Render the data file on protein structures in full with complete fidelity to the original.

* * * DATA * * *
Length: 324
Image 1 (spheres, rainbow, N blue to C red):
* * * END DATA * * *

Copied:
Length: 324
Image 1 (spheres, rainbow, N blue to C red):